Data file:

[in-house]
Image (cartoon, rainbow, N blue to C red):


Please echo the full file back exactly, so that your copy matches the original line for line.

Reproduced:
[in-house]
Image (cartoon, rainbow, N blue to C red):